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From Toke Eskildsen ...@statsbiblioteket.dk>
Subject RE: Solr using a ridiculous amount of memory
Date Wed, 17 Apr 2013 13:06:38 GMT
John Nielsen [jn@mcb.dk]:
> I never seriously looked at my fieldValueCache. It never seemed to get used:

> http://screencast.com/t/YtKw7UQfU

That was strange. As you are using a multi-valued field with the new setup, they should appear
there. Can you find the facet fields in any of the other caches?

...I hope you are not calling the facets with facet.method=enum? Could you paste a typical
facet-enabled search request?

> Yep. We still do a lot of sorting on dynamic field names, so the field cache
> has a lot of entries. (9.411 entries as we speak. This is considerably lower
> than before.). You mentioned in an earlier mail that faceting on a field
> shared between all facet queries would bring down the memory needed.
> Does the same thing go for sorting?

More or less. Sorting stores the raw string representations (utf-8) in memory so the number
of unique values has more to say than it does for faceting. Just as with faceting, a list
of pointers from documents to values (1 value/document as we are sorting) is maintained, so
the overhead is something like

#documents*log2(#unique_terms*average_term_length) + #unique_terms*average_term_length
(where average_term_length is in bits)

Caveat: This is with the index-wide sorting structure. I am fairly confident that this is
what Solr uses, but I have not looked at it lately so it is possible that some memory-saving
segment-based trickery has been implemented.

> Does those 9411 entries duplicate data between them?

Sorry, I do not know. SOLR-1111 discusses the problems with the field cache and duplication
of data, but I cannot infer if it is has been solved or not. I am not familiar with the stat
breakdown of the fieldCache, but it _seems_ to me that there are 2 or 3 entries for each segment
for each sort field. Guesstimating further, let's say you have 30 segments in your index.
Going with the guesswork, that would bring the number of sort fields to 9411/3/30 ~= 100.
Looks like you use a custom sort field for each client?

Extrapolating from 1.4M documents and 180 clients, let's say that there are 1.4M/180/5 unique
terms for each sort-field and that their average length is 10. We thus have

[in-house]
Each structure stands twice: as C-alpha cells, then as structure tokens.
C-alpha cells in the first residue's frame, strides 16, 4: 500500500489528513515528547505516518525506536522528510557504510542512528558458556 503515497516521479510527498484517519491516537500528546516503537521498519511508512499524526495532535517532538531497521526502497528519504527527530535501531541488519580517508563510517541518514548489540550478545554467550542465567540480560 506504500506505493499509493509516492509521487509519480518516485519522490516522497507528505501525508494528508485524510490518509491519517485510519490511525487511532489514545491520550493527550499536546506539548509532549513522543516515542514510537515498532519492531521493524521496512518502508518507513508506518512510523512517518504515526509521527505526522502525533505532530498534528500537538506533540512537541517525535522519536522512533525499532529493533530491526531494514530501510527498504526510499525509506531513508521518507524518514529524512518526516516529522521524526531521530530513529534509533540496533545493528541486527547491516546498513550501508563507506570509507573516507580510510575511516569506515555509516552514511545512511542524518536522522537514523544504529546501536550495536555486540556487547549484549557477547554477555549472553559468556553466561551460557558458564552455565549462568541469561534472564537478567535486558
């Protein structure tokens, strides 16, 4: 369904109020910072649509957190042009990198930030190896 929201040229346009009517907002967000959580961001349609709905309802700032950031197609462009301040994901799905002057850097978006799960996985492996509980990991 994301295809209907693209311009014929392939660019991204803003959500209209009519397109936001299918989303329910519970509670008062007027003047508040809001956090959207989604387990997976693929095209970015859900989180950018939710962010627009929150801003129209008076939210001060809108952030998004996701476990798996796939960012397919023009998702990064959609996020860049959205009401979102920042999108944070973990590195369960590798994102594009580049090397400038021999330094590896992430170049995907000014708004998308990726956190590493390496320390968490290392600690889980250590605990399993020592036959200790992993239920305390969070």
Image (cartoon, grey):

1.4M*log2(1500*10*8) + 1500*10*8 bit ~= 23MB 
per sort field or about 4GB for all the 180 fields.

With this few unique values, the doc->value structure is by far the biggest, just as with
facets. As opposed to the faceting structure, this is fairly close to the actual memory usage.
Switching to a single sort field would reduce the memory usage from 4GB to about 55MB.

> I do commit a bit more often than i should. I get these in my log file from
> time to time: PERFORMANCE WARNING: Overlapping onDeckSearchers=2

So 1 active searcher and 2 warming searchers. Ignoring that one of the warming searchers is
highly likely to finish well ahead of the other one, that means that your heap must hold 3
times the structures for a single searcher. With the old heap size of 25GB that left "only"
8GB for a full dataset. Subtract the 4GB for sorting and a similar amount for faceting and
you have your OOM.

Tweaking your ingest to avoid 3 overlapping searchers will lower your memory requirements
by 1/3. Fixing the facet & sorting logic will bring it down to laptop size.

> The control panel says that the warm up time of the last searcher is 5574. Is that seconds
or milliseconds?
> http://screencast.com/t/d9oIbGLCFQwl

milliseconds, I am fairly sure. It is much faster than I anticipated. Are you warming all
the sort- and facet-fields?

> Waiting for a full GC would take a long time.

Until you have fixed the core memory issue, you might consider doing an explicit GC every
night to clean up and hope that it does not occur automatically at daytime (or whenever your
clients uses it).

> Unfortunately I don't know of a way to provoke a full GC on command.

VisualVM, which is delivered with the Oracle JDK (look somewhere in the bin folder), is your
friend. Just start it on the server and click on the relevant process.

Regards,
Toke Eskildsen
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